Let the Games Begin

CredendaAgenda,inspired by the 2010 Winter Olympics, are proposing an assortment of suggestions for new sports for the 2014 Games. These two seem kind of fun:
  • Senator / Wolf Pack Cross. In 1995 the federal government reintroduced wolves into the forests of Idaho, insisting that they would pose no threat to humans. Testing this theory, this new Olympic event would celebrate this legislation in the great winter sport of Cross, highlighting the best of both federal bureaucracy and carnivorous predation. However, having no hard feelings, we would like to give our Senators a ten second head start on the wolves.
  • Couples’ Global Warming Figure Skating. This will be very similar to previous competitions with the exception that in this event, because of the wasteful living of the first world nations, the ice is only partially frozen and is likely to split and swallow up the skaters at any moment. Skaters will be judged in all the normal categories – jumps, spins, shoulder wiggles, bun shakes, etc. But they will also be judged on their rescue efforts should one of them go in. Also, for the last thirty seconds of the long program we will release wild polar bears onto the ice.

Wednesday, 24 March 2010

Speed Art


I am not sure of the significance of this, but it is my bro's latest time lapse creation!

Jesus is Lord of Maths

Two articles that I have discovered on the web and look forward to reading are by Vern Poythress:

A Biblical View of Maths



What does God have to do with numbers?



Which do you need to hear today?

Take no heavier lift of your children than your Lord alloweth.
Give them room beside your heart,
but not in the yolk of your heart, where Christ should be;

 for then they are your idols, not your bairns. 

Tuesday, 23 March 2010

Monday, 22 March 2010

Tyranny in Triplicate

already on the continent, where governmental organizations are more elaborate and coercive than here, there are chronic complaints of the tyranny of bureaucracies—the hauteur and brutality of their members. What will these become when not only the more public actions of citizens are controlled, but there is added this far more extensive control of all their respective daily duties? What will happen when the various divisions of this vast army of officials, united by interests common to officialism—the interests of the regulators versus those of the regulated—have at their command whatever force is needful to suppress insubordination and act as ‘saviours of society’?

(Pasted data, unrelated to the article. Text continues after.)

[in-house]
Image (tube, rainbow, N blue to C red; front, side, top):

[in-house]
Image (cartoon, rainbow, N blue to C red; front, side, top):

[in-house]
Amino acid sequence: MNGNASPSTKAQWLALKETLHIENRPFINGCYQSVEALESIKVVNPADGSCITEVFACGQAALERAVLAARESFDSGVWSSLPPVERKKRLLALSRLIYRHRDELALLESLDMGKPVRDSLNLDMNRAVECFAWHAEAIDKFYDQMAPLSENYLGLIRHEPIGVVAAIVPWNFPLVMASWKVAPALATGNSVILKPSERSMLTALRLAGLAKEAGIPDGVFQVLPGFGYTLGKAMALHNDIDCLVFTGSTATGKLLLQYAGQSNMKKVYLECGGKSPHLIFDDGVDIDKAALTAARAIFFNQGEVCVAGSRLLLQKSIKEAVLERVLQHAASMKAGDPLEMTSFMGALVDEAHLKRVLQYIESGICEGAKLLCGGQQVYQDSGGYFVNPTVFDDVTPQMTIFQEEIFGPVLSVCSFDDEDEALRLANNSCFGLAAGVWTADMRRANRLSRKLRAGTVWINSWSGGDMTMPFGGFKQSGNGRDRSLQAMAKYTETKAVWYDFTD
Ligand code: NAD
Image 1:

“The fanatical adherents of a social theory are capable of taking any measures, no matter how extreme, for carrying out their views: holding, like the merciless priesthoods of past times, that the end justifies the means.”
Herbert Spencer, “From Freedom to Bondage,” in A Plea for Liberty, ed. Thomas Mackay (New York: D. Appleton and Co. 1891!!), p 22-23, 29

Sunday, 21 March 2010

Audio Now Available


That was quick. The talks from the Family Under Siege? Day are already up on the web here.

From what I did pick up, and from Jane's feedback, the day was superb with lots that is well worth chewing on. I am looking forward to catching up on what I missed (as I spent an excellent day in the hall next door helping Simeon get some steps closer to walking!).

Thanks to all who made it possible!

Fit for a King

When he had finished praying, Jesus left with his disciples and crossed the Kidron Valley. On the other side there was an olive grove, and he and his disciples went into it. John 18:1 
The whole countryside wept aloud as all the people passed by. The king also crossed the Kidron Valley, and all the people moved on towards the desert.    2 Samuel 15:23
But David continued up the Mount of Olives, weeping as he went; his head was covered and he was barefoot. All the people with him covered their heads too and were weeping as they went up.       2 Samuel 15:30

Saturday, 20 March 2010

Family & Friends


We are
here today! 

Context is King


I thought this was fantastically funny!
 I got it via Glen and he makes some excellent points with it!
But you can just laugh if you want.

Friday, 19 March 2010

The ditch on the other side of the road


If you want a really pitiful critique of Christian schools and home schools, says Joel Belz, try this
There Rev. Don Wilkey offers a wild bunch of accusations against Christian education. But if you really want to put down Christian schools and homeschools,  we should all come to him for ammunition: Confessing our weaknesses. Lots of food for thought.
HT: Doug Wilson

Glad to be Gay?

I was very challenged in reading this article by Martin Hallett of the True freedom Trust, and this quote in particular, in which he makes a clear distinction between sex and sexuality (celibate homosexuality, I guess, or holy homosexuality?):